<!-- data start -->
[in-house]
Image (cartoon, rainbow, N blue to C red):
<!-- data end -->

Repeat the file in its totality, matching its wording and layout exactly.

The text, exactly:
[in-house]
Image (cartoon, rainbow, N blue to C red):